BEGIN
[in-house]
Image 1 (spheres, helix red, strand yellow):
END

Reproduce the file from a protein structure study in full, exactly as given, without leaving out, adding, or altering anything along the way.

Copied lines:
[in-house]
Image 1 (spheres, helix red, strand yellow):